initiatives, and depending on what is happening, news releases will go out.” One such strategic placement, titled “The city of Forest Park is on the move” and featuring Abraham, appeared in the Atlanta Business Chronicle on July 16 under the “Viewpoint” section.

Owning the dirt

The Collaborative Group has set up “town hall”-style meetings for residents of the Holland Park/Park at Fort Gillem apartment community, which is in old base housing on land that the Army owns. Residents there expressed concerns about whether they could be exposed to toxic waste from any of the hazardous sites on the former base. In response, the city sent environmental contractor Oasis Consulting to test the apartments for mold and lead paint. During the first meeting, Williams told residents “The URA owns the dirt,” but did not say whether the city had taken possession of the land prior to the Army’s lease end date of 2024. The Army has to remediate any contamination there before the city, through its URA can have the site. In the 1990s, the Army amended the property’s paperwork to make clear it would not be responsible for any future ill effects from contamination.

DDA: New agreement as to which board does what

The only item specified on the DDA agenda is “Approval of proposed Minutes” from the July 29 meeting. Although “Old Business” and “New Business” are on the published agenda, neither category specifies particular items. Under Georgia law, boards can add items to the agenda at the last minute or during the called meeting.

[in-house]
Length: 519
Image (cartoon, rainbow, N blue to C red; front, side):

According to the proposed minutes in the agenda packet, the DDA discussed a single intergovernmental agreement between the city and all three development boards–the DA, the DDA, and the URA.

The Downtown Development Authority (DDA) members at the time included:

  • Mayor Angelyne Butler, Chairwoman
  • Steve Bernard, Vice Chairman
  • Ed Taylor, Secretary
  • Nachae’ Jones, Member
  • Eliot Lawrence, Member
  • Eric Stallings, Member
  • Lois Wright, Member

Bernard and Stallings were absent from the July 29 meeting. Others present included:

  • City Attorney Mike Williams
  • City Manager Dr. Marc-Antonie Cooper
  • Economic Development Director Bruce Abraham
  • Public Works Director Bobby Jinks
  • Economic Development Associate Kisha Bundridge

Two new members, Jacklyn Faith and Nancy Howard, replaced Lois Wright and Eliot Lawrence. The current members of the Downtown Development Authority (DDA) are:

  • Mayor Angelyne Butler, Chairwoman
  • Steve Bernard, Vice Chairman
  • Ed Taylor, Secretary
  • Nachae’ Jones, Member
  • Eric Stallings, Member
  • Jacklyn Faith, Member
  • Nancy Howard, Member